Building knowledge and skills among educators to recognize and respond to trauma-related student behaviors addresses key aspects of the Equity Practices standard: “honoring all aspects of identity students bring to the school” and “deepening their understanding of who their students are and how their life experiences and identities impact what they need at school” (Learning Forward, 2022). It can be challenging to understand what it means to honor students’ identities and understand their life experiences in a classroom setting. Studies that provide detail about how programs and practices help achieve this aspiration in the Equity Practices standard and share the impact on teacher attitudes and practices can be a valuable starting point for educators seeking to better support all students.

The study

MacLochlainn, J., Kirby, K., McFadden, P., & Mallett, J. (2022, January 5).

An evaluation of whole-school trauma-informed training intervention among post-primary school personnel: A mixed methods study. Journal of Child & Adolescent Trauma, 15, 925-941.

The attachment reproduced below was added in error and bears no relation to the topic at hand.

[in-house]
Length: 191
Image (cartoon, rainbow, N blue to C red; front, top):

A mindful approach to teacher burnout

Another recent study about a trauma-informed program in Ontario, Canada, is a good complement to the MacLochlainn study and highlights a range of ways to infuse trauma-informed practices into classroom practice. Kim et al. (2021) conducted a mixed method study of how a two-year trauma-informed, mindfulness-based program impacted educators’ attitudes and burnout levels.

The Kim study looked at 112 educators over three years: 41 in the comparison group and 71 educators implementing a mindfulness and social and emotional learning curriculum called MindUP. The professional learning included a half-day focused on trauma-informed practices and two full days focused on the MindUP curriculum. The curriculum includes 15 teacher-led lessons along with four units about neuroscience, mindful awareness, and social and emotional learning. A core practice of the curriculum is a mindful breathing exercise three times a day.